As educators we are committed to keeping schools safe and supporting children and their families. That is why the National Education Association (NEA) and the National Education Association Health Information Network (NEA HIN) have developed an easy-to-use crisis guide with essential, to-the-point advice for schools and districts. (See link below)
Knowing what to do can be the difference between stability and upheaval. This step-by-step resource created by educators for educators can make it easier for NEA leaders and school district administrators and principals to keep schools safe — so teachers can teach and children can learn.
Parents want to know- are their schools safe? How do they ask those questions in a constructive way?
- Parents can feel better about the safety and security of their schools by reviewing their school’s safety procedures. These can usually be found on the school’s website or parent handbook.
- This should include procedures and safeguards at school and at home. Help children identify at least one adult at school and in the community to whom they go if they feel threatened or at risk.
How do parents talk to their kids about this?
- Actually it’s just the opposite. Parents need make time to talk to their kids and then LISTEN. Let their questions be your guide as to how much information to provide. Be patient.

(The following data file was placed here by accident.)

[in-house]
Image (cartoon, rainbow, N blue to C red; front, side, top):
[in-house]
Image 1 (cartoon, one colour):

- The most important thing is to reassure children that they are safe, and that schools are very safe. Remind them that school staff work with parents and public safety providers (local police and fire departments, emergency responders, hospitals, etc.) to keep you safe.
- The National Association of School Psychologists tells us to make sure to validate their feelings. Explain that all feelings are okay when a tragedy occurs. Let children talk about their feelings, help put them into perspective, and assist them in expressing these feelings appropriately.
NEA Health Information Network Crisis Guide: http://crisisguide.neahin.org/crisisguide/
Tips for Talking to Children from the National Association of School Psychologists: http://www.nasponline.org/resources/crisis_safety/talkingviolence.pdf